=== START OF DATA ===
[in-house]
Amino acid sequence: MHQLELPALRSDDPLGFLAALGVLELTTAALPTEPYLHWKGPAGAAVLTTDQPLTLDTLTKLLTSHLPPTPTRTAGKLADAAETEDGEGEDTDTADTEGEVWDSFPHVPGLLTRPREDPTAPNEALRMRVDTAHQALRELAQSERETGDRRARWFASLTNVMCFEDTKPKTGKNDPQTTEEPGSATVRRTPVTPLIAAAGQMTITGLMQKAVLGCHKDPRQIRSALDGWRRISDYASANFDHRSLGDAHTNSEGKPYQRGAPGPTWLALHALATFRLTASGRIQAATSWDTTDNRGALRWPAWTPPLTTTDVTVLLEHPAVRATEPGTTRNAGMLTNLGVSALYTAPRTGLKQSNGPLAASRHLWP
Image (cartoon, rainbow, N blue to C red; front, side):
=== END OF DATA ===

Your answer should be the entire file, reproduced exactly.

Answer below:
[in-house]
Amino acid sequence: MHQLELPALRSDDPLGFLAALGVLELTTAALPTEPYLHWKGPAGAAVLTTDQPLTLDTLTKLLTSHLPPTPTRTAGKLADAAETEDGEGEDTDTADTEGEVWDSFPHVPGLLTRPREDPTAPNEALRMRVDTAHQALRELAQSERETGDRRARWFASLTNVMCFEDTKPKTGKNDPQTTEEPGSATVRRTPVTPLIAAAGQMTITGLMQKAVLGCHKDPRQIRSALDGWRRISDYASANFDHRSLGDAHTNSEGKPYQRGAPGPTWLALHALATFRLTASGRIQAATSWDTTDNRGALRWPAWTPPLTTTDVTVLLEHPAVRATEPGTTRNAGMLTNLGVSALYTAPRTGLKQSNGPLAASRHLWP
Image (cartoon, rainbow, N blue to C red; front, side):